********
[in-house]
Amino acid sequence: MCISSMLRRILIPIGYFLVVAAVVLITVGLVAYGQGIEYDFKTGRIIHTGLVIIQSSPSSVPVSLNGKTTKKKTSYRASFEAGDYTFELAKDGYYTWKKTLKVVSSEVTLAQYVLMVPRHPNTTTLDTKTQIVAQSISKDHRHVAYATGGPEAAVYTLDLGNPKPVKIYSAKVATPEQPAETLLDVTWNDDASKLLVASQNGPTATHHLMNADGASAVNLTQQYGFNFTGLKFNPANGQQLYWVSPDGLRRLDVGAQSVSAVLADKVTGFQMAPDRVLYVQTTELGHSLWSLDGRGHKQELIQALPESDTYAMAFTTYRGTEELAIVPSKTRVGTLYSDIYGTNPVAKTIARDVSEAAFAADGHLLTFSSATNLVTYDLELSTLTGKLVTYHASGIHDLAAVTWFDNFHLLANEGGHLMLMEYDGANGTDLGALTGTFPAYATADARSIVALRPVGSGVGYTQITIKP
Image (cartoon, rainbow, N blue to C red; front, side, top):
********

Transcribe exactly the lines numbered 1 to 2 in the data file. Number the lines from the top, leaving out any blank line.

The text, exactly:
[in-house]
Amino acid sequence: MCISSMLRRILIPIGYFLVVAAVVLITVGLVAYGQGIEYDFKTGRIIHTGLVIIQSSPSSVPVSLNGKTTKKKTSYRASFEAGDYTFELAKDGYYTWKKTLKVVSSEVTLAQYVLMVPRHPNTTTLDTKTQIVAQSISKDHRHVAYATGGPEAAVYTLDLGNPKPVKIYSAKVATPEQPAETLLDVTWNDDASKLLVASQNGPTATHHLMNADGASAVNLTQQYGFNFTGLKFNPANGQQLYWVSPDGLRRLDVGAQSVSAVLADKVTGFQMAPDRVLYVQTTELGHSLWSLDGRGHKQELIQALPESDTYAMAFTTYRGTEELAIVPSKTRVGTLYSDIYGTNPVAKTIARDVSEAAFAADGHLLTFSSATNLVTYDLELSTLTGKLVTYHASGIHDLAAVTWFDNFHLLANEGGHLMLMEYDGANGTDLGALTGTFPAYATADARSIVALRPVGSGVGYTQITIKP